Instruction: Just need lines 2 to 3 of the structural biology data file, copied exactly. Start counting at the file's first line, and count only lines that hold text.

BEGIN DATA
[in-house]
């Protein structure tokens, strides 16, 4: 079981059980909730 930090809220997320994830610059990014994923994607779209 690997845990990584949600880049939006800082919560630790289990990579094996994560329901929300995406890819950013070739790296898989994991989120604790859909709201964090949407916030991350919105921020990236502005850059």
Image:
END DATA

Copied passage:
């Protein structure tokens, strides 16, 4: 079981059980909730 930090809220997320994830610059990014994923994607779209 690997845990990584949600880049939006800082919560630790289990990579094996994560329901929300995406890819950013070739790296898989994991989120604790859909709201964090949407916030991350919105921020990236502005850059």
Image: